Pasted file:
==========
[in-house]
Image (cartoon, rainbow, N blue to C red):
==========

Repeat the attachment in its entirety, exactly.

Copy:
[in-house]
Image (cartoon, rainbow, N blue to C red):